Dietary concerns for women

If you take care of yourself and what you eat, it will make easier taking care of everyone else.

A woman's work is never done, especially if you are a mother, and getting what you need on the go is not easy; but your diet is just as important.

Moms often forget about themselves when they are taking care of their families. But, as women age, they have certain dietary requirements that need to be met. If you are a busy mom, learn what your diet must include and how to get it.

What you need

One condition that affects women is osteoporosis. Men can be afflicted with the condition but it is more common in women. When calcium is deficient in your body, it will rob it from your bones. For the under 40 mom, 1,000 milligrams of calcium each day is the recommended dose. Once you pass the age of 40, your daily requirement is upped to between 1,200 and 1,500 milligrams.

Women also need vitamin D. it enables calcium to do its job. Just step outside for your daily dose. Yes, you can get vitamin D from sunlight. If you are too busy for that, drink milk and ingesting other dietary products that is fortified with vitamin D. the daily recommended dose is between 400 and 800 milligrams if you are under 50 years of age. The dosage rises to between 800 and 1,000 milligrams after that.

Moms know all about folic acid. Taking a daily dose helps with positive prenatal care for you and your baby. Folic acid helps avoid birth defects in your children.

Iron is a mineral that women need because of their menstrual cycle. The loss of iron can lead to tiredness and loss of energy, two things that moms can't afford. Taking in 15 milligrams of iron each day can help with the low iron levels.

How to get it

Women and especially moms are sometimes too busy to keep themselves healthy. It would be nice to sit down and have a full breakfast, lunch and dinner but sometimes that is not possible. While on the go, take your nutrition with you.

Take a multivitamin. When you can't get all that you need, taking a vitamin can help with where you fall short. Each vitamin contains the recommended daily allowance for several vitamin and minerals you need: selenium, zinc, iron, manganese, calcium, B vitamins, vitamin A and others.

Plan ahead. Never leave the house without a handy snack. Fruit, nuts, cereal and bite size vegetables provide the nutrition that you need when you can't sit down and eat it properly. Fruits, especially berries provide vitamin A and C. vegetables are great for fiber and a variety of minerals. Nuts provide protein.

For calcium, drink orange juice fortified with calcium or cheese sticks. They are easy to pop in your purse or an insulated diaper bag with the bottles.

Don't let your fast-paced life keep you from taking care of yourself. Take your health into our own hands and a few healthy snacks for good measure.

Healthy eating facts for the busy mom

Before you buy that next weight loss infomercial product, sit and think a minute. Learning a few facts about choosing foods can help you to develop eating habits that will help you to provide your family with the nutritional requirements they need.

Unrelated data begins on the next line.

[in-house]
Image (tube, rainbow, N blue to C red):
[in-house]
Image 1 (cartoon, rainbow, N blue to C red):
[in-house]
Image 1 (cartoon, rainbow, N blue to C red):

Here are some facts about food nutrients:

  • Carbohydrates are nutrients in food that are broken down for fuel by the body. According to the glycemic index, bad carbs are those foods that spike the blood sugar and lead to overeating. Foods in this category are white flour products, processed sweets and fried snacks like donuts.
  • Omega-3 fatty acids are found mostly in fish. These are good fats that can help to lower your cholesterol and improve heart health. Eating at least three servings a week will benefit your body.
  • Fiber is found in plant food sources. There are two types: soluble and insoluble. Soluble fiber dissolves in your system. Insoluble fiber can't be broken down by the body so it is flushed out. As the fiber passes through the system it carries some of the fat from your food with it. Healthy portions of fiber give you the feeling of fullness so you eat less.
  • Eating protein provides building blocks for the proteins the body creates to aid in muscle growth and repairs for organs and cells. Lean meats like skinless, boneless chicken, beef and pork provide the needed protein without the added fat.
  • Nuts, beans and seeds also provide protein. Plant source protein has fewer calories and fats than animal sources. When choosing nuts, avoid the fancy salted or artificially flavored varieties. When possible use fresh beans instead of canned.
  • Salt can cause bloating when you ingest too much. The recommended daily allowance (RDA) for salt is about 2,000 milligrams. You can get more than that from one pre-packaged meal or a bagged snack. Limit salt by washing off canned vegetables and using salt-free spice combinations to flavor your food.
  • Sodas contain empty calories. How many people get full from a 12-ounce can of Pepsi? Take the couple hundred calories in that soda you are drinking and trade it in for a filling snack and a flavored bottle of water (if regular water isn't to your liking).
  • Eat several meals a day to keep your metabolism going. Six small meals alleviate the mid-morning and the mid-afternoon hunger cravings. Eating every two or three hours seems like a lot but you are eating less.

Do you know a little more about food than you did before? Uncovering the basic facts about food removes the mystery and helps you to make better food choices for yourself and your family.